October Newsletter: ‘Let me tell you a story……’

19 October 2015

‘Let me tell you a story……’

MVAM Newsletter Image 2015/10

The recent find of another human species, Homo naledi, underlines the fact that we Sapiens had a number of human siblings. The question is how did we become the last and most dominant of our tribe? Analysis of the remains of Neanderthals suggests their brains, and their muscles, were larger than ours. So how did we do it? Modern theory suggests that it was our ability to believe in the impossible, to tell a story, create a fiction that sets us apart.

The way us Sapiens think is the difference. We can believe in six impossible things before breakfast – but ask a monkey to forego a banana for limitless bananas in the afterlife, and you are on to a loser. While believing in fairies may not have helped us conquer the other Homo species, fiction enabled Sapiens to act collectively, to act together in large numbers. We simply outnumbered the Neanderthals in battle and worked together to win because we believed in stories*.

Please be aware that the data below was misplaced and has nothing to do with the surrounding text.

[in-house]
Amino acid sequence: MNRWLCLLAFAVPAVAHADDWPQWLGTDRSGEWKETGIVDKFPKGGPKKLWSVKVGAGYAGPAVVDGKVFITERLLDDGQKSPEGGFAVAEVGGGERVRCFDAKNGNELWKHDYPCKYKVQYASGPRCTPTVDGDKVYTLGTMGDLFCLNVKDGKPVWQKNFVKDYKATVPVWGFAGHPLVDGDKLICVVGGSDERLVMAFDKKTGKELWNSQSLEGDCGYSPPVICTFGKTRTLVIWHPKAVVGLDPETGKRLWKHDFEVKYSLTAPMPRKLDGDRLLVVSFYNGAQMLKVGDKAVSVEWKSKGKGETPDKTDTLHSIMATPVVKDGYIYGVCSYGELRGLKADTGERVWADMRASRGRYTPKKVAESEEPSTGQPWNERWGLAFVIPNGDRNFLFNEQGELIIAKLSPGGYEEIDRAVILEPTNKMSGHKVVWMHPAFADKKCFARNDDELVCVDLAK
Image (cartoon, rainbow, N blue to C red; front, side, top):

In the corporate world, the stories to make us believe are called brands. You might have heard of say….Volkswagen? Now VW (the story is so strong it is recognisable by just two letters) was one of the world’s great stories. What came in to your mind when someone mentioned VW to you? German, reliability, engineering, smart, fashionable? Born just 70 years ago from the ashes of a very different German story it made us all pretty much believe in the VW brand. But in one moment our beliefs have been shattered.

But remember VW is a story. How can we prove this? Well, if VW goes bankrupt no one actually dies, the factories that make the cars don’t just vanish they just don’t make VW’s anymore. And the cars already made still trundle around polluting the world. It is just the story that dies, something that only existed because a large collection of individuals believed in the story enough to come together and make the cars; and because outsiders believed in their story so they would pay to be associated with it by buying the cars.

Clearly the fact that we need to believe in a story before we understand anything has disconcerting aspects for most areas of life and investing your money is certainly one of them. In the world of stock markets there is a saying – “never fall in love with a stock”. Given the above “understanding” of our cognitive processes we must adhere to this stock market motto at all times.

* Paraphrased from a book called Sapiens by Yuval Noah Harari – a great read by the way.